Religion and law can—and do—mix for attorneys who strongly observe their faiths.
"Spirituality is not something one is adding to the practice of law. The practice of law by its nature is a spiritual calling if we understand it correctly. That doesn't mean we're all pursuing it that way, but based on the role law plays in society, these are spiritual callings and we need to understand that." –David Hall
An Orthodox Jew leaves early on Friday afternoon to make it to synagogue before the Sabbath. A Muslim closes her office door to engage in afternoon prayers. An evangelical Christian visits his church every Sunday rather than his office.
According to Title VII of the 1964 Civil Rights Act, employers with more than 15 employees—including state and local governments, labor organizations, and employment agencies—must make accommodations to their employees for these and other religious needs. It is the law of the land and in law firms and legal departments nationwide: Observant attorneys of any and every faith are allowed the freedom to practice their religions at work within certain parameters.
Unfortunately, some religious employees have found that faith and work do not always mix. In fiscal year 2005, the U.S. Equal Employment Opportunity Commission (EEOC) received 2,340 charges of religious discrimination and resolved 2,352 charges (some carried over from previous years), recovering $6.1 million in monetary benefits for "charging parties and other aggrieved individuals (not including monetary benefits obtained through litigation)."1 This is down from 2004, during which the EEOC received 2,466 charges of religious discrimination.2
But many religious attorneys are able to balance the practice of their faith with the practice of law in a comfortable environment. How do they do so? What laws protect them, and how do their firms respond to their needs? And in this time of increased religious awareness and discussion, what role does religion and spirituality have in the intellectual halls of law firms?
"One of the unfortunate aspects of the legal culture is the notion one must separate out one's religious or spiritual foundation from the work you do," says David Hall, law professor at Northeastern University and author of The Spiritual Revitalization of the Legal Profession:A Search for Sacred Rivers (December 2005, Edwin Mellon Press). "The legal culture is very analytical. It's a profession that highly emphasizes and privileges the mind and our intellectual ability to solve problems. The Constitutional separation of church and state articulates there's this wall that should remain. I certainly see that principle as having tremendous value, but we've allowed it to extend into our personal lives to a greater extent than we should."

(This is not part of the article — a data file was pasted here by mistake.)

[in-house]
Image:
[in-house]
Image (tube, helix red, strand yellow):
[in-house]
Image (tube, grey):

At its core, the law is about social justice and righteousness, which are principles of most major religions, Hall explains. "Spirituality is not something one is adding to the practice of law. The practice of law by its nature is a spiritual calling if we understand it correctly," he says. "That doesn't mean we're all pursuing it that way, but based on the role law plays in society, these are spiritual callings and we need to understand that."
From Law to the Ministry
That is what drew Luther Zeigler to both religion and law. In the late 1970s and early 1980s, Zeigler attended the Divinity School of the University of St. Andrews in Scotland and earned a master's degree from Stanford University in religious studies. But feeling pressure to support a family, he decided to become a lawyer, graduating from Stanford Law School in 1985. "I had a wonderful time," he says about school, and joined Crowell & Moring LLP in Washington, DC after graduation. For 21 years, Zeigler practiced appellate litigation in areas such as securities and product liability, including at the trial level.
But as an observant Episcopalian, his spiritual studies gnawed at him. In 2003, Zeigler enrolled at the Virginia Theological Seminary in Alexandria to become an Episcopalian priest.
During his three years in seminary, Zeigler balanced a full course load with a law practice. He says the firm was more than accommodating: He attended classes on certain days and worked on others, depending on the semester. "The partners said, 'Let's try to figure out a way you can do what you want to do while at the same time staying with the firm and fulfilling our needs here,' " he says. "I really couldn't have asked for more flexibility. I'd sit down periodically and map out what my schedule was going to be and we'd work it out."
The firm also allowed Zeigler, who has been a partner since 1993 and now is senior counsel, to transition his paying clients to other lawyers and focus more on public service and firm-related business. This is more compatible with his emerging identity as a pastor, he says. The partners encourage his work with the Washington Legal Clinic for the Homeless and appointed him chair of the law firm's diversity committee, where he has spent the past two years creating a strategic plan. He may not have specific prayer or other religious requirements, but, Zeigler says, "When I decided to move away from billable work to more service-oriented work, the firm willingly accommodated that. I proposed ways I might be of value to the firm and lead the firm in a new direction, and the firm consistently embraced that."
The transitions between seminary school—more contemplative and focused on emotion and spirituality—and law life—competitive and task-oriented—were "a bit of a wild roller coaster," Zeigler chuckles. But doing both has helped him become better at both, he explains. "Frequently in the legal profession, we don't appreciate enough the mental, emotional, and spiritual health of our colleagues and clients," he says. "By making this transition, it helped me in both communities—as a seminarian, to make sure [religious life] didn't become too isolated and removed from the real world and in the law firm environment, to be more sensitive to the human side of things."